It’s late here in Arlington, Virginia – nearly 10pm on a rainy Tuesday. I’ve been thinking about Dale Beaumont-Brown’s new feature-length documentary ‘THIS.IS.PROGRESS”, and just about Progress in general. You see, Wrestlemania weekend is quickly approaching and I’m having a weird combination of nostalgia for last year’s event, and a decided lack of enthusiasm for this one. There are any number of elements that could be contributing to this – I’m not feeling much myself lately, some of my friends who I’d hoped to see at Mania won’t be able to make it, I haven’t watched very much wrestling in the last four months, etc. But then I think about the night before I flew to Orlando, how I was watching Progress’ “Chapter 36: We’re Going to Need a Bigger Room…Again” and how I screamed when Jimmy Havoc appeared during the main event. I think about what it was like speaking to Jim for the first time, and Jon. How I met a guy called Harry that everyone was referring to as “American Dale” who interviewed Courtney and I – for what, I wasn’t really sure.
And then I watched the documentary.
It is fascinating to me how Dale has captured Progress – all of Progress – in just over 90 minutes. It would be easy to trace a journey in a literal sense, or to contrast a big event to their meager beginnings. He could have traced the personal histories of all three owners, or followed a wrestler around for a while. But then, that wouldn’t be a documentary about Progress.
The thing is, everyone has a Progress story. Glen’s story starts in the audience at Chapter 1. Jimmy’s story began at Chapter 2. Ally’s at 19. Mine and Courtney’s at 41. Progress is a culmination of lots of stories: the linear stories of the wrestling characters, the histories of the performers themselves, the rise of a small “punk rock” company to this international sensation. Hundreds, even thousands, of fans whose lives have been changed or made better through their fandom tell their stories on blogs and podcasts and social media, and the word spreads until everyone has a Progress Story.
So kudos are due to Dale – because he told them all. He spun the angle on Progress to get every perspective you could imagine: promotion, story telling, women’s wrestling, inclusivity, mental health, physical health, family, endings, beginnings – it’s all there. And he doesn’t paint over the ugly parts. Those who have struggled or are struggling now are open about it. The moments when things are falling apart aren’t erased or watered down. Those people we wish to cut out from our history are kept in. Yes, Progress is welcoming and yes, it is a place to feel a part of something. But Jim, Jon, and Glen are not infallible. Progress is not perfect. Wrestling is not perfect. Sometimes the bad stuff gets in, and sometimes it looks fuzzy in the background of a shot, like something from a memory that’s gone all faded. The honesty in “THIS.IS.PROGRESS” is in not giving power to the moments in Progress’ history that have hurt or betrayed any of us who make up this family, but to quietly acknowledge them and move forward.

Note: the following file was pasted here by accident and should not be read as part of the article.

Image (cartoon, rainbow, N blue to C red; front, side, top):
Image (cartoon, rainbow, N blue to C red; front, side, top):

There are many moments in the film in which what we call “kayfabe” is broken, in a variety of ways. I’m rather partial to a scene in which Mark Haskins is preparing in a hallway before the Brixton show with his headphones on, but the camera has picked up the audio of Jack Gallagher who is a little ways down from him and working out the 8-man tag match that will happen just before the main event. The subtle ways in which Dale “exposes” Progress as the relatively small operation it truly is blew my mind. Watching Jon editing Chapter 46 on a laptop in a hotel room in Orlando, or Jim changing his son’s diaper. I remember how I felt meeting them in Orlando – Progress meant everything to me and words seemed to fail when the time came to express myself. I remember speaking to Jon about Super Strong Style 16 – which was the first event the PWGrrrlGang EVER purchased tickets for. “They’re just people,” someone once told me. And so they are – very real and wonderfully ordinary at times.
There is so much more nuance than I could ever list in a blog post in this documentary. The film’s relationship with light I could wax poetic about for hours, but I also didn’t study film in school and really have no idea what I’m talking about other than it makes you feel a certain way, through the whole thing. What I think my own major takeaway from it will be is that Progress is always going to be home, for so many of us in all aspects of wrestling. As someone who has been looking for a home for a long time, this means so much to me. You can never really be lost if you know where your home is.
I’ll see you in New Orleans.